In past years, “reading comprehension” used to be the essential skill that children were taught among all other skills, and it was much needed in the workplace. Nowadays, writing has taken its place and became the most significant expertise that children have to master. Writing turned into the commonest skill of life’s two facets: professional and personal. Today the debate shifted, and it focuses on the medium, the way of writing: by handwriting or by typing; should we forsake teaching children handwriting in favor of typing? Continue reading The shift of skills or the uncertain future of handwriting
Sometimes we feel without energy. We do not want to talk to anyone, we do not want to hear anything, and we do not desire to watch or read anything. The general feeling is that we have become a shell. No one is inside. As if we had posted a sign: “Out on vacation.” Who cannot recall coming out of bed after a good illness and feeling she had no strength to deal with anything, leave her alone. Usually, the lack of energy comes after dealing with difficult issues or diseases. But recently, I feel that way at the close of every day. Not to mention how fast the days fly! Continue reading Why are we pressed for time and energy?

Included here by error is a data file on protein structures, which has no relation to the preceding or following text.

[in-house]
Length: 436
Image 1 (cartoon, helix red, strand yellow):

The epigraph at the beginning of my book, Literary Hypertext, is that of the Canadian researcher Marshall McLuhan, “We look at the present through the rear-view mirror. We march backward into the future.” McLuhan was referring to the quick technological developments, of which we are continually trying to catch up with. That is precisely how I’m feeling about life in general — the feeling that every progress that has been made suddenly goes backward. Continue reading How fear, racism and violence rule the world, again!
International Holocaust Day is not as important in Israel as it is in the world. In Israel, Holocaust Memorial Day comes a week ahead of Israel’s Memorial Day and Independence Day that comes right next. Thus, the concept of “from the Holocaust to Revival” is presented. Nowadays, the remembrance of the Holocaust has been ever so important in light of the “fake news” and fake proceedings and actions that are spread around. We need to keep in mind the unthinkable acts of evil of the last century. Continue reading International Holocaust Memorial Day – Time rushes by and memories are lost
Sometimes we do not agree with the decisions made by the government, by our parents, our boss or kids, etc. However, apart from changing the government by vote every few years, or complaining (about the boss), or trying to argue (with parents or children) we don’t have a lot of options, so we shrug, ignore and move on. I want to share with you an act of injustice, which we can correct. Continue reading Yes, we can – to unite a family cruelly torn apart